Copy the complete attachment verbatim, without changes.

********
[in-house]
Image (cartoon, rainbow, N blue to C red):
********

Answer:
[in-house]
Image (cartoon, rainbow, N blue to C red):